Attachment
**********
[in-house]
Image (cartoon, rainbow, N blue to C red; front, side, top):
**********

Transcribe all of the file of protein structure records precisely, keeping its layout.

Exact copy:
[in-house]
Image (cartoon, rainbow, N blue to C red; front, side, top):